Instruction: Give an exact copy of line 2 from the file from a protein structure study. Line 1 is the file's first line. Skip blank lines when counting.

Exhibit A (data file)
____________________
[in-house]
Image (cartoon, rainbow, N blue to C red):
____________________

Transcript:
Image (cartoon, rainbow, N blue to C red):